Evaluating The Rescue Of Fannie Mae And Freddie Mac

Evaluating The Rescue Of Fannie Mae And Freddie Mac by W. Scott Frame, Andreas Fuster, Joseph Tracy, and James Vickery, Federal Bank Of New York

The imposition of federal conservatorships on September 6, 2008, at the Federal National Mortgage Association and the Federal Home Loan Mortgage Corporation-commonly known as Fannie Mae and Freddie Mac-was one of the most dramatic events of the financial crisis. These two government-sponsored enterprises play a central role in the US housing finance system, and at the start of their conservatorships held or guaranteed about $5.2 trillion of home mortgage debt.

Fannie Mae and Freddie Mac are publicly held financial institutions that were created by Acts of Congress to fulfill a public mission: to enhance the liquidity and stability of the US secondary mortgage market and thereby promote access to mortgage credit, particularly among low- and moderate-income households and neighborhoods. Their federal charters provide important competitive advantages
that, taken together, implied US taxpayer support of their financial obligations. As profit-maximizing firms, Fannie Mae and Freddie Mac leveraged these advantages over the years to become very large, very profitable, and very politically powerful. The two firms were often cited as shining examples of public-private partnerships—that is, the harnessing of private capital to advance the social goal of expanding homeownership. But in reality, the hybrid structures of Fannie Mae and Freddie Mac were destined to fail at some point, owing to their singular exposure to residential real estate and moral hazard incentives emanating from the implicit guarantee of their liabilities (for a detailed discussion, see Acharya et al. 2011). A purposefully weak regulatory regime was another important feature of the flawed design. While the structural problems with Fannie Mae and Freddie Mac were understood by many, serious reform efforts were often portrayed as attacks on the American Dream of homeownership, and hence politically unpalatable.

In 2008, as the housing crisis intensified, Fannie Mae and Freddie Mac became financially distressed. Their concentrated exposure to US residential mortgages, coupled with their high leverage, turned out to be a recipe for disaster in the face of a large nationwide decline in home prices and the associated spike in mortgage defaults. As financial markets in the summer of 2008 turned against Fannie Mae and Freddie Mac, the federal government initially responded by passing the Housing and Economic Recovery Act (HERA), signed into law on July 30, 2008, which among many other provisions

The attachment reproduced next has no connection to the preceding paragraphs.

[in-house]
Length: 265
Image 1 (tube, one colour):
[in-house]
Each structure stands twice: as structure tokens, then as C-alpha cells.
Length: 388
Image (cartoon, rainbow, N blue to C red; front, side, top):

temporarily gave the US Treasury unlimited investment authority in the two firms. Less than two months later, their new regulator, the Federal Housing Finance Agency (FHFA), placed Fannie Mae and Freddie Mac into conservatorship, taking control of the two firms in an effort to curtail the risk of financial contagion and to conserve their value. Concurrently, the Treasury entered into senior preferred stock purchase agreements with each institution. Under these agreements, US taxpayers ultimately injected $187.5 billion into Fannie Mae and Freddie Mac.

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This paper begins by describing the business model of Fannie Mae and Freddie Mac and their role in the US housing finance system. Our focus then turns to the sources of financial distress experienced by the two firms and the events that ultimately led the federal government to take dramatic action in an effort to stabilize housing and financial markets. We describe the various resolution options available to US policymakers at the time and evaluate the success of the choice of conservatorship in terms of its effects on financial markets and financial stability, on mortgage
supply, and on the financial position of the two firms themselves. Our overall conclusion is that conservatorship achieved its key short-run goals of stabilizing mortgage markets and promoting financial stability during a period of extreme stress. However, conservatorship was intended to be a temporary fix, not a long-term solution. More than six years later, Fannie Mae and Freddie Mac still remain in conservatorship and opinion remains divided on what their ultimate fate should be.

Fannie Mae

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